Brown Seeks Support to Curb Payday Lenders’ Abuse

WARREN, Ohio – Efforts to curb the abuses of predatory lenders – companies that offer payday advances and short-term loans secured by car titles – are like playing Whac-a-Mole, U.S. Sen. Sherrod Brown, D-Ohio, told a panel here Monday.

“We change the rules and they find new ways to stay in business,” he told the Trumbull County Partnership for Financial Empowerment. Nine of its 10 social-services agencies were represented on a panel discussion at the Warren YWCA.

The senator insisted he does not want to put [payday advance or car-title lenders] out of business, but to “force them to lower their rates.” He wants stronger enforcement of the rules so those who borrow don’t fall into a “rat hole of debt” from which they cannot emerge without either ruining their credit ratings or declaring bankruptcy.

Brown came here to inform the panel of congressional efforts to strengthen the regulations the Consumer Financial Protection Board proposed June 2, which include having applicants provide proof of or verification that they can repay the sums borrowed without having to take out additional loans. Another is limiting the number of times per year a predatory lender can collect a debt through an automatic deduction of a borrower’s checking account.

The repeated deductions, Brown said, often result in overdrafts and subsequent NSF fees banks impose, causing the borrowers to fall further behind.

Among the statistics Brown offered:

  • Payday lender storefronts in Ohio outnumber the number of McDonalds and Starbucks.
  • Last year, these storefronts collected more than $500 million in fees alone.

At the table were two women from Warren, Christina Sarno, age 27, and Latita Parnell, 34, both single moms with four children. Both related horror stories of how they found themselves caught up in debt they could not repay. Parnell, whose saw no end to $700 monthly debt payments as she worked part-time to provide food and shelter for her children, erased hers through filing for bankruptcy, she said.

Sarno, who also worked part-time, had just given birth to her first child when she took out a car title loan of $500 to pay for its repair.

“I owed more than I could pay back [in the short timeframe] on my income,” she said. Sarno approached a payday lender to repay the car title lender, she related, and “I was surprised that they would lend to me.” She knew the risks “but I was desperate.” In over her head financially, her car was repossessed and “I could never afford to pay more than the interest.”

Both women were evicted from their apartments for not paying their rent, they said. Parnell and her children went to a homeless shelter.

Sarno put her possessions in storage but still “lost everything.”

The panel agreed that the women’s stories are common despite effort their efforts to direct low-income residents to other sources of finance and at consumer financial education.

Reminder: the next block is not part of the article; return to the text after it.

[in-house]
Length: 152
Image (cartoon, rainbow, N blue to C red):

The panel consisted of Ginny Pasha, president and CEO of United Way of Trumbull County and chairman of the Partnership for Financial Empowerment; Victor Russell, regional operations manager of Apprisen; Tabatha Johnson, Trumbull Metropolitan Housing Authority; Keisha Bals, Beatitude House; Covi Delgado, Trumbull County Veterans Services Commission; Diana Eggleston, Catholic Charities; Sister Jean Orsuto, Emmanuel Community Care; Kenya Howard, executive director of the Warren YWCA; Karyn French, District 11, Area Agency on Aging; and Kalitha Williams, Policy Matters Ohio.

Apprisen’s Russell asserted many of the abuses could be averted if those who borrow from payday lenders were aware of the less costly alternatives.

His research found that many borrow not because they encounter an emergency – for example, car repairs, unexpected medical expense – “but everyday expenses.”

Containing expenses, setting and adhering to a budget, would make payday lenders less attractive, he said. A woman in Youngstown who took out a payday loan to pay for car repairs took the bus to work the two weeks her car was in the shop, he said. She realized how much she saved on transportation expense, Russell continued, but resumed driving to work after her car was returned.

The Veterans Services Commission’s Delgado told how the wife of a veteran was paying $809 a month to a payday lender. She and her husband were barely getting by and the debt was more than they could repay and meet their other expenses.

Help from her agency was enough and emergency grants attacked symptoms, not the underlying problem.

In an interview after the presentation and panel discussion, Brown conceded that predatory lending is little more than legal loan sharking – “Predatory lending, legal loan sharking, call it what you will” – and that enforcement of nonbank sources of financial services, including hedge funds, is nowhere near the regulatory enforcement that governs banks.

The Consumer Financial Protection Board lacks the tools and number of examiners the Federal Reserve and Office of the Comptroller of the Currency have, he said. “There isn’t much enforcement,” he said, of the laws and regulations on the books.

He left unanswered whether the CPFB would be able to hire more enforcement officers should the new regulations he adopted.

Repeating that he does not want to put payday lenders out of business, just have them lower their rates, he admitted he “couldn’t define a predatory rate, but you know it when you see it.”

Copyright 2022 The Business Journal, Youngstown, Ohio.